“it is in the public interest that the state of New Hampshire consider using open source software in its public computing functions.”
That’s from the preamble of a bill that just passed through both houses in the state’s legislature. The preamble is concise and eloquent touching on everything that’s wrong with Wintel without mentioning M$ and “partners” by name. The writing is on the wall. Monopoly can take a hike in NH.
The “amended analysis” is short an to the point:
“This bill requires state agencies to consider open source software when acquiring software and promotes the use of open data formats by state agencies. This bill also directs the commissioner of information technology to develop a statewide information policy based on principles of open government data.”
Let’s hope this is just the beginning of software freedom in IT in New Hampshire and other states. Monopoly has no place in IT anywhere and least of all in IT that is supposed to be working for the common good of residents. IT cannot serve two masters, M$ and the residents. The bill seeks to cut costs and ensure reliability of the systems of government.
Those who argue the cost of monopoly is trivial are in disagreement with NH:
“The cost of obtaining software for the state’s computer systems has become a significant expense to the state;”
Those who argue that M$ sets the standard are in disagreement with NH:
“It is necessary for the functioning of the state that computer data owned by the state be permanently available to the state throughout its useful life;” Note: They are concerned with the life of data not the life of M$’s software or Wintel’s hardware. For the greater certainty:” To guarantee the succession and permanence of public data, it is necessary that the state’s accessibility to that data be independent of the goodwill of the state’s computer system suppliers and the conditions imposed by these suppliers;” Oh, M$, I feel your pain. They actually use the term “platform-neutral”:“It is in the public interest to ensure interoperability of computer systems through the use of software and products that promote open, platform-neutral standards;”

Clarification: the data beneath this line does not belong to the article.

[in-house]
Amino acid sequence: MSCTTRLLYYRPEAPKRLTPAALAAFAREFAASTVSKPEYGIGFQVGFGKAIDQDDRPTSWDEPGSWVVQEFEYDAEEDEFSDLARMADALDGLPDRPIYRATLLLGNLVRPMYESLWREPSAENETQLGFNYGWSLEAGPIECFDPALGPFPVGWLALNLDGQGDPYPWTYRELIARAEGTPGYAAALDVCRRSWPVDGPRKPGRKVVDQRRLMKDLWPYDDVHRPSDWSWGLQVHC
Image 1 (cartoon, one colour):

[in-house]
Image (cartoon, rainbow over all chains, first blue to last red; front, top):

Icing on the cake: ” It is also in the public interest that the state be free, to the greatest extent possible, of conditions imposed by parties outside the state’s control on how, and for how long, the state may use the software it has acquired; and
(g) It is not in the public interest and it is a violation of the fundamental right to privacy for the state to use software that, in addition to its stated function, also transmits data to, or allows control and modification of its systems by, parties outside of the state’s control.”
Doesn’t that just sound like the Four Freedoms echoing in the halls of government?
If the most thick-skulled fan of lock-in still does not get it:
“II. The general court further finds that:
(a) The acquisition and widespread deployment of open source software can significantly reduce the state’s costs of obtaining and maintaining software;
(b) Open source software guarantees that its encoding of data is not tied to a single provider;
(c) Open source software enables interoperability through adherence to open, platform-neutral standards;
(d) Open source software contains no restrictions on how, or for how long, it may be used; and
(e) Since open source software fully discloses its internal operations, it can be audited, at any time and by anyone of the state’s choosing, for internal functions that are contrary to the public’s interests and rights.”
Estimates are that using FLOSS will cut expenditures by $300K per annum which funds will be allocated to staff who will work for NH.